“Hey,” Inés said. She was sitting with Michael. “How many draconians survived?”
“I am the only one,” Michael answered.
“Then how did you know about that shelter?” Inés asked. “You couldn’t have been that old when they died.”
“I was not even hatched yet,” Michael stated. “I knew about the shelter as I know everything else about my people. We have a collective memory.”
“I’m sorry, what?” Inés asked.
Michael sighed. “As we are developing within our eggs, the knowledge and experiences of the prior generations are transmitted to us. After we hatch, those memories activate. We are temporarily immobilised as our brains process the information. After that, we become fully cognisant of everything our species knows. Everything they have ever known.”
Inés whistled. “Sure beats reading dusty old books.” She glanced at him. “So, why were you at the Academy? If you know everything that your fellows knew, then you should have known spells too, right?”
“There is a disconnect between knowing the theory of how something works, be it a spell or a combat technique and being able to competently execute it,” Michael said. “It is true that I knew how the spells I needed worked, in theory. It was, however, necessary for me to train my body to utilise that knowledge properly. Just as I am now doing with combat manoeuvres.”
Inés laughed. “Wow, I did not expect you to be this forward with me. I thought for sure you’d give me the run around by now.”
“You are bound to keep anything I share with you to yourself. Ergo, it is safe for me to answer your questions” Michael explained.
“Safe, huh?” Inés muttered. “Then tell me, what did happen to the draconians? Popular story says Apollo wiped them out, but your survival kind of ruins that. Plus, I kind of have trouble accepting the idea that the Gods are cruel enough to wipe out an entire species. Adults, children, ba… eggs.”
“It was, indeed, no immortal that slew my people,” Michael said. “But I will not make the error of telling you who did. Does that sate your curiosity?”
“Not quite,” Inés said. “I have two more questions. One, why would it be a mistake to tell me? And two, how did a mortal wipe out an entire species?”
Michael didn’t hesitate. “It would be an error because you would take it upon yourself to see the culprit punished. As to how, it was less difficult than you may imagine. My people were highly pacifistic. We also practised stringent population control. As to never have a higher populace than we could properly sustain. If that is all…”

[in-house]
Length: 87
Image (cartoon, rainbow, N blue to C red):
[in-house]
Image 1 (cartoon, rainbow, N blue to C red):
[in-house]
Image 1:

“Wait a moment!” Inés demanded. “What would be wrong with me punishing the culprit? You do want justice, don’t you?”
Michael gazed out at the horizon. Inés waited to hear his answer, becoming more and more aware of the uncomfortable heat. She was starting to wonder if he was going to say anything when he started speaking again. His voice was quiet, thoughtful.
“It was against the draconians that his crimes were committed. It is by a draconian that they should be avenged. Besides, it is not justice I seek. It is vengeance.” His fist clenched. “His life, I will take. Everything he has built, I will disassemble. I will completely and utterly end him.”
“If you fail?”
“Then Illyana will reveal the truth,” Michael answered. He spread his wings. “Fare thee well. It is unlikely that we will meet again.” Before Inés could speak further, he was soaring.
She returned to the shelter shortly after. Serena was brushing Dusk. Sylvie had laid her bedroll out on top of one of the beds and was sleeping peacefully.
“H…” Serena glanced back at Sylvie. “How did it go,” she whispered.
“I won,” Inés said, keeping her voice low.
“Just like you thought, then,” Serena whispered.
“Not quite,” Inés stated. “He was better than I thought. It was actually an enjoyable match.”
“Oh, that’s good,” Serena said. “Will he be back soon?”
Inés shook her head. “He had to continue his own journey.” She glanced over at Sylvie. “Hey, let me teach you how to build a little shrine to ask for the safety of a wanderer.”
She and Serena gathered some materials and Inés rummaged through her bag for some incense. They lit it.
“And now,” Inés instructed. “We ask Athena to guide and safeguard him. So that he might complete his task and return safely.”
While Serena prayed, Inés watched the smoke. “May you find what you seek,” she muttered.